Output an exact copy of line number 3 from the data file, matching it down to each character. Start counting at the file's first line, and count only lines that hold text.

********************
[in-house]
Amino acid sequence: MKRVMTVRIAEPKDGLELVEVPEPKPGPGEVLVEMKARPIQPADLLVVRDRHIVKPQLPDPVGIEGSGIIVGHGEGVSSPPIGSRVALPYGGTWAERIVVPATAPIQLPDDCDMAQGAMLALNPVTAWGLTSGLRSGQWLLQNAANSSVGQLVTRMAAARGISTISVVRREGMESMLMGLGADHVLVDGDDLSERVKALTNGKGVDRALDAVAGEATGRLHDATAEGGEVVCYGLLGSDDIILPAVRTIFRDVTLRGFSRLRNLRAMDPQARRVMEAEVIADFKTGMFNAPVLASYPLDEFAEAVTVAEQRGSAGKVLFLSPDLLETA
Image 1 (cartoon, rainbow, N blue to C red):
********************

Image 1 (cartoon, rainbow, N blue to C red):